Next week, the city of Barcelona will again play host to the world's biggest telecommunications expo, Mobile World Congress (MWC), and, as you'd expect, CNET Australia will be there to bring you all the latest news and announcements from the biggest players in the mobile space.
So, what can we expect in 2012? This year's show is already off to an unusual start, with mobile heavyweight Samsung deciding against making a keynote presentation for its products, and LG spilling the beans early on what many think will be the company's big releases. Interestingly, this might be the year that some of the newer names in smartphones make the biggest noise, with Huawei and ZTE queueing up new handsets and tablets for the event.
Renowned as much for its leaks as it is for its great products, HTC's last month has been rife with speculation about what it has up its sleeve for MWC. From what we have heard thus far, HTC has at least two big phones to launch, plus an updated version of its Sense UI — now up to version 4.0.
HTC One X (previously known as Endeavour, Edge, Zeta)
Hotly tipped to be one of the world's first quad-core smartphones, the One X is also a break in the HTC tradition of only using Qualcomm processors, this time turning to Nvidia's 1.5GHz Tegra 3. HTC will plant this tech behind a 4.7-inch HD-resolution display, an 8-megapixel camera and the new version of the Sense UI. Early reports suggest that the One X will ship with 32GB of internal storage, but that HTC won't include a microSD card slot to expand this memory in the future.
HTC One S
As the less-exciting letter S might suggest, the One S is the baby brother of this duo, running a dual-core 1.5GHz processor and packing a qHD-resolution 4.3-inch AMOLED screen. In fact, if the rumours are true, then the Ville should look and feel a lot like the HTC Sensation XE, but with newer software and a nicer display.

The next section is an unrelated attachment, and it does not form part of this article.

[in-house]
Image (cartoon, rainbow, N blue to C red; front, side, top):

What we'd like to see
Although the latest rumours we've heard suggest that HTC will launch a music-streaming service, we'd prefer the company to focus on gaming and its investment in OnLive. A quick scan of the local music-streaming landscape suggests a pretty packed marketplace, but streaming games remains untouched. If HTC plans on delivering a quad-core phone, it'd be nice for it to put those cores to work on a task that requires the processing power available.
As we mentioned earlier, Samsung has decided not to hold a keynote event as MWC, and will instead announce its flagship smartphone for the year (which many are already calling the Galaxy S III) at a private conference at a later date. This doesn't mean that Samsung is missing out on MWC altogether, though.
Galaxy Note 10.1
Like the answer to an elementary mathematical equation, Samsung's latest tablet looks to be one part Galaxy Tab 10.1 and one part Galaxy Note. Samsung will reportedly improve on its success with the 10.1 last year by adding a stylus and a range of stylus-friendly apps. It is also releasing an SDK for developers to get in on the act of making apps for its S Pen input device.
We also heard earlier that Samsung would pip Apple to the post and reveal a tablet with a Retina-like display, sporting a resolution of (approximately) 2048x1536 pixels, but we're not sure whether this titbit applies to the Note 10.1, or whether Samsung has a second tablet to unveil.
This week, Samsung officially announced the Galaxy Mini 2 and the Galaxy Ace 2. If history is anything to go by, then these won't be the only low- to mid-tier Galaxy-branded smartphones on display at the Samsung booth.
What we'd like to see
Samsung's phones and tablets were a bit light on connectivity features in 2011, relying on the Apple model of offering a single, all-purpose port and charging extra for important adapters for TV-out and memory expansion. We'd like Samsung to follow the lead of the computer manufacturers, especially when it comes to tablets. The more ports, the merrier.
With its Ericsson partnership behind it, this could be Sony's year to really stand out of the pack. All it needs is the hardware; as much as we loved last year's Xperia range, especially its software, you would not describe the hardware as being on the bleeding edge.
The Xperia family
You'll remember that Sony announced the Xperia S at CES in Las Vegas earlier in the year, and we expect the S to be matched by a couple more bearing the Xperia brand. The Xperia U is the hot tip — a smaller version of the S in design, with a 3.5-inch screen — but what's most interesting about the Xperia U is that it might be the first phone to run on the Ericsson-designed NovaThor processor.